There’s always a reason not to save for retirement.
When trying to teach teens about money management, most parents put a lot of focus on limiting spending. While this is certainly an important part of budgeting, teens also benefit from learning about things like compound interest, credit card use, and savings accounts, too.
If you’re on a tight budget, a relaxing vacation probably seems out of reach. After all, how can you save for a vacation when you’re already stretching every dollar so thin? And even if you could, how can you enjoy yourself if you feel guilty about spending money on a trip?
Most people know that diversification is important when it comes to retirement savings. Having the right mix of stocks, bonds, and mutual funds improves your chances of long-term success, but what about tax diversification?
Given the rollercoaster impact of volatile markets and the need to pay attention to what’s happening to your investments and financial plan, clearly understanding the impact of your advisor’s scope of advice and deliverables is critical. Emotions play a large part of how people select and interact with their advisor. For example, the fear of loss is a more impactful influence on behavior than potential gain. An investor may be wishfully thinking something to be true, even without evidence, lacking objectivity, which is a condition called cognitive bias. Several prospects we’ve talked to recently have just come to the realization that their performance from their current advisor has been flat over several years despite the decent returns from most indices. They unfortunately sat idly by and after 4-5 years had elapsed, woke up to the reality that they virtually achieved no net gains on their portfolio. An investor may assume they’re doing ok, are properly protected from all the crazy volatility or their financial plan is relevant in today’s environment, or that their financial professionals, financial advisor, CPA, attorney, are collaborating together on their behalf.
There are a lot of things to worry about when it comes to your retirement savings. Are you saving enough? Will you outlive your nest egg? Can you maintain a comfortable lifestyle?
When you start a new job, enrolling in the company sponsored 401(k) plan is a no-brainer, but how much thought do you put into the 401(k) you had at your old job?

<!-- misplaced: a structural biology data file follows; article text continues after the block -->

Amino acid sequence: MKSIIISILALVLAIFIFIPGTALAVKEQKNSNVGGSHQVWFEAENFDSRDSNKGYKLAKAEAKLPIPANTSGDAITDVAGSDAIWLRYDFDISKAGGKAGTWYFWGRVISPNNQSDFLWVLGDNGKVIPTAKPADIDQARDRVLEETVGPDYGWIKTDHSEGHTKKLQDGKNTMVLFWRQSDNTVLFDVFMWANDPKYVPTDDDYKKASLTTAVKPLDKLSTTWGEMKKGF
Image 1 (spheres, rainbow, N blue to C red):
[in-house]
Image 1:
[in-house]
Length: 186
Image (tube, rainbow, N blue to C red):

The start of each New Year inspires hope and enthusiasm for everyone. That’s exactly why so many people use it as an opportunity to make big changes. Some plan to improve their health by quitting smoking or heading back to the gym. Others aim to enjoy life more by committing to traveling or spending more time with family and friends. That said, the start of the New Year is also the perfect time to take a close look at your finances and make the changes needed to get on the right track for the future.
Despite China’s announcement that it would not pursue additional tariffs on U.S. vehicles and the unexpected high performance of both retail sales and industrial production in the U.S., the markets continued their rapid selloff throughout Friday’s trading session. All three of the major U.S. indices fell, a move that was set into motion not only by weaker than expected economic data from China but also growing concern over the international economy. Basically, various positive and negative economic forces continue to dramatically drive the U.S. markets up and down.
Please enjoy JP Morgan’s take on how investors should think about the current market’s historic run. “On Wednesday, August 22, the current bull market turned 3,453 days old, surpassing the bull run of the 1990s and officially making it the longest bull market on record. Despite generating a total return of over 400% since the market low, this bull market has felt unloved, and investors are now feeling more anxious than ever and wondering how much longer it can continue.
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